The Swiss collaborators Fischli & Weiss have said of this early series of color and black-and-white photographs, “Balance is most beautiful just shortly before it collapses.” Indeed their tense arrangements of household miscellany often look on the verge of falling, or are caught in the process. The only texts included with them are associative titles, including Natural Grace, (a spatula on a plate on a wine bottle on an apple on a cup), The Fart (chairs on Coke bottles and aerosol cans), and Invisible Power, (showing one end of a paper construction held aloft by the breeze from a small fan). Many of the constructions appear under several titles, in several styles: Completion, when shot in grainy, starkly lit black-and-white, becomes Honor, Courage, Confidence, and in close-up, Can I , May I, Do Anything? On the page, these often elaborate and expansive objects acquire an incidental quality that makes them both more real and more transient. Ultimately, the only evidence of their existence is these images. While a small selection of these works appeared in the artist’s book Quiet Afternoon, most have never before been published in any form.

Long before Peter Fischli and David Weiss made Fotografias, Nancy Spector had noted that the two liked to “undermine conventional distinctions between high and low art.” This collection of underexposed black-and-white images does exactly that, recreating low-end figurative paintings as muddy, dark, snapshots and minting them anew as fine art. Subjects include landscapes and historical scenes, animal and mythological beings, and, yes, female figures.

Fischli and Weiss are highly prestigious, bluechip contemporary artists who work with sculpture, photography and video, positioned at the very cutting edges of new art. They represented Switzerland in the Venice Biennales of 1995 and 2003, and won the Leone d’Oro prize in the latter for their slideshow Will Happiness Find Me? The style of the work is extremely varied; what remains consistent throughout is an air of quiet unpredictability. The mood of the work ranges from the humorous (a clay figure group of 1981, for example, entitled Mick Jagger and Brian Jones Going Home Satisfied after Composing ‘I Can’t Get No Satisfaction’); to the banal (a photographic series devoted to Airports); and even the apparently invisible (their Untitled installation, simulating through minutely detailed polyurethane sculptures an unfinished exhibition site). Fischli & Weiss’ work can be immune to the rules of gravity, for example in the Quiet Afternoon series, photographs of miraculously balanced objects. The pair’s work also seems able to overcome the constraints of time and space, for example in their apparently endless journeys, resulting in the innumerable Visible World picture-postcard photographs of cities all over the world. With a truly unique body of work which is sometimes childishly thrown together, sometimes a virtuoso triumph of sculpture and moving image, this is the first book to draw together the mystery and contradiction of Fischli & Weiss. Fischli & Weiss have exhibited extensively worldwide. Their solo exhibitions include the Centre Georges Pompidou, Paris (1992), the Museum of Contemporary Art, Los Angeles (1988) and the Tate Modern, London (2005).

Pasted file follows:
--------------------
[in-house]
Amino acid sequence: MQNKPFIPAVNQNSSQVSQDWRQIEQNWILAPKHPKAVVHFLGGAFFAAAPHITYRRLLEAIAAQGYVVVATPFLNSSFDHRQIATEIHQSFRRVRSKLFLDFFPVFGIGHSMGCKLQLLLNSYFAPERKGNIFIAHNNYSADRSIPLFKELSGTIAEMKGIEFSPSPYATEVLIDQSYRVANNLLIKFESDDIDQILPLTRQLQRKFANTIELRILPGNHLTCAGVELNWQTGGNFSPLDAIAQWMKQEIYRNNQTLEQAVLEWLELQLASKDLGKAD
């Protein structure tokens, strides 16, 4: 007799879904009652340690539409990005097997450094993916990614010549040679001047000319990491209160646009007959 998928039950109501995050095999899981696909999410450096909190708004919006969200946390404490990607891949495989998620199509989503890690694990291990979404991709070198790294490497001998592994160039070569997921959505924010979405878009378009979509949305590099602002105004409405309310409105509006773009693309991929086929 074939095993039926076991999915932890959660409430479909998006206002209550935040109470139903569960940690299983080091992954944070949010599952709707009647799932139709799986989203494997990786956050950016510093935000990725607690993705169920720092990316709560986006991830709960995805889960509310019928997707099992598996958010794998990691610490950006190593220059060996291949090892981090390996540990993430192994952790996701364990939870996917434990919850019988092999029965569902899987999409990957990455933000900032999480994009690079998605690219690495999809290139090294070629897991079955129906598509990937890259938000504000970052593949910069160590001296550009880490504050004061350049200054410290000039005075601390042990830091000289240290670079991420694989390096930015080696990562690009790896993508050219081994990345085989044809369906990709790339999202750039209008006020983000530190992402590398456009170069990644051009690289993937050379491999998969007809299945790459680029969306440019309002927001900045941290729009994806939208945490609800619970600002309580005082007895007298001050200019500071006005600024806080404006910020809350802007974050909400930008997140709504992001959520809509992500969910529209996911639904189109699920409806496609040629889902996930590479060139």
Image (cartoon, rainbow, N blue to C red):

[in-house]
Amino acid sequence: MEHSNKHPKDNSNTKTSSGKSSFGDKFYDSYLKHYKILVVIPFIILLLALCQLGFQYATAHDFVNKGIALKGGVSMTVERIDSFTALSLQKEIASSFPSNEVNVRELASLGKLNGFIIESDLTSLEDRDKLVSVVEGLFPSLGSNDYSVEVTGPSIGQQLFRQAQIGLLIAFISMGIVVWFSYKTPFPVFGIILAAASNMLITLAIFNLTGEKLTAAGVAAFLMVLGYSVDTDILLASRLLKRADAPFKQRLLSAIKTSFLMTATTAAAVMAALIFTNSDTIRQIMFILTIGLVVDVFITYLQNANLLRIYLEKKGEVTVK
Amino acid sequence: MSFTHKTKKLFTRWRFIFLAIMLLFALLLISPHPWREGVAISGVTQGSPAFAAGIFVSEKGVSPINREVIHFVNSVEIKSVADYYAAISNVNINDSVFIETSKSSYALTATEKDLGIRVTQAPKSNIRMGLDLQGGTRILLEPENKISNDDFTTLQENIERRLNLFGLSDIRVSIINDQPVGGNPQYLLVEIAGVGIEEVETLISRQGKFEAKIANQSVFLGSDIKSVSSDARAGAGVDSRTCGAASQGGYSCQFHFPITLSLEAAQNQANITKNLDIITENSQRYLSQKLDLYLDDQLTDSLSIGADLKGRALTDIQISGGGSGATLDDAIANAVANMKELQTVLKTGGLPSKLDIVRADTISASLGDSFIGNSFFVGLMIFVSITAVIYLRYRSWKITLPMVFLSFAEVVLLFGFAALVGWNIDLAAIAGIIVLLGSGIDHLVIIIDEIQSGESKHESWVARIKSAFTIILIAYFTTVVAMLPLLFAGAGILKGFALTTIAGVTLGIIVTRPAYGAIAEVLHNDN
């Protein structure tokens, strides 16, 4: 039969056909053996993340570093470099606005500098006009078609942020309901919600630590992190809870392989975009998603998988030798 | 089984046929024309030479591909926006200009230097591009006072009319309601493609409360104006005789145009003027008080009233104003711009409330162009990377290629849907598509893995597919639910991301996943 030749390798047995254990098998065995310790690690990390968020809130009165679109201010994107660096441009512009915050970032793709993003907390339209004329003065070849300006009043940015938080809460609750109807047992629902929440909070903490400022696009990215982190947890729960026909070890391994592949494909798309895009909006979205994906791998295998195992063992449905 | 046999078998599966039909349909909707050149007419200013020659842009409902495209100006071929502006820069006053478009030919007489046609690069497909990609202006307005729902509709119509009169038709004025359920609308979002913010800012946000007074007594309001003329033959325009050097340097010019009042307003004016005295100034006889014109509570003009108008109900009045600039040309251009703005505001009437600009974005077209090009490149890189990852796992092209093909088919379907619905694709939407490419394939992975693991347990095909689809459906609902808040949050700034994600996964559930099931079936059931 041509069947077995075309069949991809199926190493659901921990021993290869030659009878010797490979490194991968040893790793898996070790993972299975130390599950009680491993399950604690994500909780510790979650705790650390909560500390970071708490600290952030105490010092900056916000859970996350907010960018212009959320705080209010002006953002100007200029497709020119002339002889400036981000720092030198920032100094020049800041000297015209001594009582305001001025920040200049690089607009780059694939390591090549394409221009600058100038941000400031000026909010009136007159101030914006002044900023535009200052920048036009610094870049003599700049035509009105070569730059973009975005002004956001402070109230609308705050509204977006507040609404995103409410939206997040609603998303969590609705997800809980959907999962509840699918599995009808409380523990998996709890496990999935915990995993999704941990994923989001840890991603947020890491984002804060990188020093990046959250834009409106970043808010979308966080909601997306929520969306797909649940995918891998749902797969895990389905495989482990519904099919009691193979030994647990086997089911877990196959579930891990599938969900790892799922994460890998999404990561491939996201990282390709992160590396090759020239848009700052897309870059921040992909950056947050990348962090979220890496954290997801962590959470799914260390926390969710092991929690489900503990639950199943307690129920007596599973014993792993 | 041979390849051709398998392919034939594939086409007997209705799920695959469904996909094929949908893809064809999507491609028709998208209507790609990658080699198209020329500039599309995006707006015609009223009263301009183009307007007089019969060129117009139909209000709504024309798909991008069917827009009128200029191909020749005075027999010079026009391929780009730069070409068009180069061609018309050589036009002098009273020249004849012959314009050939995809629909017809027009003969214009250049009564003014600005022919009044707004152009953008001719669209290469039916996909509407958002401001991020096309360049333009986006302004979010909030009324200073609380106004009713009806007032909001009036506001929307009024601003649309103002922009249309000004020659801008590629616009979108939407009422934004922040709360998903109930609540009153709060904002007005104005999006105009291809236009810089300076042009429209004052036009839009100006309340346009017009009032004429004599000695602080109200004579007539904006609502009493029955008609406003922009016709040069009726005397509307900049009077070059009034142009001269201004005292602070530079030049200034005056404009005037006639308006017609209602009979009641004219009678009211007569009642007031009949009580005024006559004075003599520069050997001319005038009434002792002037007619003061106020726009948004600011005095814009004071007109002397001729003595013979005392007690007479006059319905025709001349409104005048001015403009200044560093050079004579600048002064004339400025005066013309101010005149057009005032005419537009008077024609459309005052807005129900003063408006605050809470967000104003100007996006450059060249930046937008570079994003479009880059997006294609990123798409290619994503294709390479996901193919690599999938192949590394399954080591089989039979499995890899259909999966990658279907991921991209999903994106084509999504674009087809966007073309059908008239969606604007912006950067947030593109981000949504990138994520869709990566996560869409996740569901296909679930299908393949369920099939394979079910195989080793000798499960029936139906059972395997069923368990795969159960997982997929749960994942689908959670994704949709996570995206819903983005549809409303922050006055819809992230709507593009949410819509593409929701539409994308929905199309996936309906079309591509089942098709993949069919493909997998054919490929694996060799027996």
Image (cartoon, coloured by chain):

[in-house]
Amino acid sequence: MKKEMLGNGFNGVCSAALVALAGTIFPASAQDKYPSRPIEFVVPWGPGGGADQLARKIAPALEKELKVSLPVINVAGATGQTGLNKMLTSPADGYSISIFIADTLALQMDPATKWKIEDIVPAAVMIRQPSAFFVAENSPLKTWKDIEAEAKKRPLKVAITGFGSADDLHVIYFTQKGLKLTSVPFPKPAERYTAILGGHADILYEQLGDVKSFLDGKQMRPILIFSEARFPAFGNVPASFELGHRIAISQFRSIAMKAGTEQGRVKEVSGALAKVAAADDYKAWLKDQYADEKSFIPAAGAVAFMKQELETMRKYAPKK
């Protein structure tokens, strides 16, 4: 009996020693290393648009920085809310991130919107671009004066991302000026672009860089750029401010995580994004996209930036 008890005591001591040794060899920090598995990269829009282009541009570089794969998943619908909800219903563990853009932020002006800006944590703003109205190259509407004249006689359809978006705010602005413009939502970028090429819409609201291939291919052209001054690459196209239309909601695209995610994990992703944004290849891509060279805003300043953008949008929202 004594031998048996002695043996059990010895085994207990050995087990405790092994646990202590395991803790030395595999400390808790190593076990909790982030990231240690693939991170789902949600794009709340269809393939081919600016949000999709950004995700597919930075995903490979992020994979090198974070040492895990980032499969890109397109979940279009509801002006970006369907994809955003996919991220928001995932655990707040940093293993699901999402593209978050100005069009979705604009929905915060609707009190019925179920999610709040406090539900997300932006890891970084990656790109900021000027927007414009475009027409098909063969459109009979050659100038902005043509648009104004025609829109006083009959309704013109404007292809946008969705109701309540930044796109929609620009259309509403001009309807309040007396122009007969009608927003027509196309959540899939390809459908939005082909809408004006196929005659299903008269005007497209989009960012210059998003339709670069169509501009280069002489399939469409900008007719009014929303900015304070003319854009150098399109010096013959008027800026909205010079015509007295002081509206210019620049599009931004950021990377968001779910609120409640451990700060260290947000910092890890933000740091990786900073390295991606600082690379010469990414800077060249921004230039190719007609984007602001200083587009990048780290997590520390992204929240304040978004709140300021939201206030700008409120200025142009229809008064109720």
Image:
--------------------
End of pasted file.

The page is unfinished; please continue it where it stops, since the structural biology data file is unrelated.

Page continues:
Paying tribute to an artistic partnership of more than 30 years, this richly illustrated book explores Peter Fischli and David Weiss’s acclaimed and influential body of work, known for its sly humor and profound meditations on the everyday. Throughout the course of their collaboration, Peter Fischli and David Weiss celebrated the sheer triviality of everyday existence, observing the world with bemused detachment. As this book shows, their often humorous work offers a sustained reflection on the intertwined strands of leisure, productivity, and playful absurdity that shape our lives. With its deliberately mundane subject matter and quotidian source material, their work explores the poetics of banality in a wide range of mediums, including photography, videos, slide projections, films, books, sculptures, and multimedia installations. This retrospective volume features an in-depth, illustrated survey of the artists’ long history of collaboration, from the early Sausage Series (1979)―staged vignettes created in miniature using deli meats and various household items―to their last work, the large-scale public installation Rock on Top of Another Rock (2009–present), augmented by documentary images, notes on process, and interview excerpts culled from the artists’ Zurich-based archives. A series of probing essays on their practice and thematic concerns rounds out this definitive account of Fischli and Weiss’s vital contribution to contemporary art.